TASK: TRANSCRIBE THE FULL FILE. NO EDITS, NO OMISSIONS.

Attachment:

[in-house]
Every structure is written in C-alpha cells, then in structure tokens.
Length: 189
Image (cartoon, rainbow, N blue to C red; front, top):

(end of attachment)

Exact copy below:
[in-house]
Every structure is written in C-alpha cells, then in structure tokens.
Length: 189
Image (cartoon, rainbow, N blue to C red; front, top):